Another participant in Slavicek's experiment was Joseph Cerha, director of Tyfloservis, a Prague-based rehabilitation organization for blind people. "I think that Yoga for the Eyes could be very useful for the rehabilitation of blind people because it can relieve tension," Cerha says. "But Mr. Slavicek doesn't know very well the pathology of vision. He says his results are objective, but he made up the results to try to persuade people. He is using the good will of people with vision problems. He crosses the border of ethics." Shortly after the experiments, Tyfloservis cut off communication with Slavicek.
"They are protecting themselves," Slavicek responds. "Think about it: What would you do if you were blind all your life and suddenly you could see? You wouldn't want to tell anybody. You would lose your pension and all your benefits. And you wouldn't have the skills to get a job in this economy."
Slavicek says there is an "underground sight-restoring movement in Prague. The system is being taught forward by the people I taught. What I would like to know is, how many of the blind have regained their sight - 10? 50? 100?" When pressed, he admits his information is based on rumors passed on by a blind friend.
To further spread the word, in June 2001 Slavicek took his book to the Health Ministry, which translated it into Czech so it could be evaluated by an ophthalmologist. The ophthalmologist "rejects the book and does not recommend its further publishing," says a ministry official who asked not to be named. She adds that to include yoga for the eyes in clinical practice "would require proper clinical testing of the method. The Health Ministry should be initiating this testing, not Mr. Slavicek himself."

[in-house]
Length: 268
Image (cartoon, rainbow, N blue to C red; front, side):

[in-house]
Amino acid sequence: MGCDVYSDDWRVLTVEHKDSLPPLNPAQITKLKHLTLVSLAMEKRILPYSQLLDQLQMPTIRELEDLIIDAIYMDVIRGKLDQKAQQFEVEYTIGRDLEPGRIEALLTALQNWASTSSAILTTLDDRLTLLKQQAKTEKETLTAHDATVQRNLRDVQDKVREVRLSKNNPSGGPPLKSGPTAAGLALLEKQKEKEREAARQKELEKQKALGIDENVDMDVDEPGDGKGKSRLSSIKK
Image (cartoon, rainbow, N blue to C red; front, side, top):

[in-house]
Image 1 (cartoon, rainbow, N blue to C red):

Slavicek also sent the book to the World Health Organization and St. Erik's Eye Foundation in Sweden, which responded that since he had not conducted double-blind experiments, they were not interested.
As if to counter any suspicion that he is a con man, Slavicek says, "It's not about money," pointing out that he has only recently begun selling the English-language book at www.yogafocus.net. Although the official price is $29.95 (839 Kc), Slavicek will offer it to Prague locals for 400 Kc.
Slavicek was born in Prague to Czech parents and emigrated to the United States when he was 6 months old. Now he divides his time among Prague, Sweden and Spain. He is the author of eight books about bankruptcy, including The Simplified Guide to Personal Bankruptcy and takes credit for inspiring what he calls the American bankruptcy movement.
At 68, Slavicek is retired but is working on a new book, Free Food From the Sun. "I found the secret of manna," he says, twice. "You can live without eating. You look into the sun for an hour, and you're not hungry. It's nothing spiritual, just a technique."
When asked whether that might not be damaging to the eyes, he responds, "Well, you work up to it. Start with five minutes today, 10 minutes tomorrow."
- Ingrid Ludvikova contributed to this report.
Kristin Barendsen can be reached at email@example.com
the SlaviCek method at a glance
Step Four of Six: "Healing Tears"
Source: Adapted from Yoga for the Eyes by John J. Slavicek, 2003
By Kristin Barendsen